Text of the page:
It’s a story that Ian and I truly believe in, and we think it has the potential to be made into a solid film one day – when the script is in good enough shape. The story is there, and we know the main arcs and events…it’s just the simple matter of articulating them in the best way possible. (Yeah, ‘simple’…)

Inner Critic, though, seems to have other plans from time to time.

I know that the drafting process, by definition, requires the work to be re-worked until it’s as close to right as my abilities allow. I know that each draft is only a snapshot of how the story is devleoping at that particular stage. And I know that endlessly going over the same scene or sequence because it’s not perfect is one way to ensure that a draft will never see the words FADE OUT.

And yet, thar he blows.

Inner Critic, in its most severe and stultifying manifestation, is one of the great mysteries of the creative process. Creative people want – nay, need – to create. And creation without completion is nothing more than a soundless scream. It is a flaw of the mental processes involved, then, that we can find ourselves prevented from completion by something that seems so entwined with our creative desires. Wild Man and Inner Critic; Yin and Yang; Joker and Batman.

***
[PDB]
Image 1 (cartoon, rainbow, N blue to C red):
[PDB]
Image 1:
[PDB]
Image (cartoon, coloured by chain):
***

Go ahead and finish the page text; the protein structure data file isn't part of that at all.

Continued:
You complete me.

I have gotten over the wrath of Inner Critic several times already, having written a few short- and feature-length scripts so far. But my experience is not yet enough to have banished him totally from my working practice. Who’s to say he will ever really be gone?

I often say (only half-jokingly) that I can’t speak about a project too loudly, just in case the noise scares away my shy little muse. Maybe if I keep talking about Inner Critic, if I shout his name and shame him to anyone who will listen, he will go forth and be gone – at least for the time being.

If he does, I’m sure he’ll be back.